But it wasn’t enough: surely God is holding out on us. Give us an orchard, and if there is one tree that God says stay clear of, it will seem the sweetest. And after all, let’s not kid ourselves, we weren’t so concerned with being like God in some holy sense, we want to be God and have our every desire. No, when the crafty serpent comes on to the scene, it doesn’t take a whole lot of convincing before the juices of forbidden fruit are dripping from our sin stained lips. And so covered only in our guilt and shame, with our tails between our legs, we find ourselves evicted from a paradise lost. All of creation now corrupted by our rebellion and disobedience and death will begin its reign. The tree of life in the garden – forever in the rear view mirror.
But that was so long ago. Now we say, “life stinks and then you die.” We don’t even bother with “did God really say?” anymore, because our tingling ears tuned out the voice of God long ago. It’s about creating our own paradise now. We build our towers to reach the heavens, we fashion together our golden calves to worship, we feverishly reduce, reuse, recycle and plant our gardens to try to recreate a paradise lost. We mask the pain, we turn our face from truly looking at death, we try to clothe ourselves in our own righteousness and justify our disobedience. But it is all a fleeting breath; because in the end we must still weep at the grave of a murdered son, the soil is still infested with thorns, the labor of bearing a child remains, and the flaming swords of God’s justice still bar the door to the tree of life in an Eden that is but a ghost town.
And so it is that poor miserable sinners fall to their knees on this very day and must confess that we are by nature sinful and unclean…we sinners have no business in a holy place in the presence of God, ashes to ashes and dust to dust of a fallen world. And yet God, God who is faithful and just, still loves His creation. Never doubt that in all of creation, of heavens and earth, you are the crown jewel, you are the apple of His eye. For the creator becomes a creature to redeem his creation and to make it good. And so when Christ puts himself into the Jordan and the Spirit is hovering over the water, God says it is good. When Christ fulfills the Law on your behalf and conquers your every temptation from the serpent, God says it is good. When Christ bears your sins in His own flesh, the seed of the offspring crushing the head of the serpent by being obedient to the Father, even unto death: God the Father says, “IT-IS-GOOD!”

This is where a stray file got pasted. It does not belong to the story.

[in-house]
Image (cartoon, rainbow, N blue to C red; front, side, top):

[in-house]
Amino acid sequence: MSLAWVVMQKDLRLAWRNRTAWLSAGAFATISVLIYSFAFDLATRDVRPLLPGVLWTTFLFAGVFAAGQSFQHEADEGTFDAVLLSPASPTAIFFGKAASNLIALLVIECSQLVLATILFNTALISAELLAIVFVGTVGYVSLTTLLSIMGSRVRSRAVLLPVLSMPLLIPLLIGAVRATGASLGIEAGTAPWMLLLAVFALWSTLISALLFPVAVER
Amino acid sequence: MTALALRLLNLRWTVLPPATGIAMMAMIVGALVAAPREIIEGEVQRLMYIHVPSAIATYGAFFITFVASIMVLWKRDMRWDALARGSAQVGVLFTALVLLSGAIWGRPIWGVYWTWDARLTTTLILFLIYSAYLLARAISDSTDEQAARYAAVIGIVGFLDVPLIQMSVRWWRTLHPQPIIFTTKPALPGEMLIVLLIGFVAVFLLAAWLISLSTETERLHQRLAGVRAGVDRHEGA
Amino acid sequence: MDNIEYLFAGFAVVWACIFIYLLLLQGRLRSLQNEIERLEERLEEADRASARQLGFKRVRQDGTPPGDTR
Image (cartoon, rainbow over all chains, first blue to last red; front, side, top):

And so when you doubt your worth, when you doubt God’s love for you, when you are convinced that your passport will never be stamped for Eden…you will look to the perfect sacrifice made on your behalf, hanging from this wretched tree planted in the barren soil of Golgotha, and you will hear those words from the very voice of God who says, yes my child, it is good – it is your tree of life! Come and eat from the fruit of this tree and drink it’s wine: filled with forgiveness, life and salvation. Put the bread on your tongue and the chalice to your lips made holy, for it is good. Come and be cleansed in this river of life that flows from a riven side and be made a new creation, for God looks upon you remade in the image of His Son, clothed in His righteousness, and says, “IT-IS-GOOD!”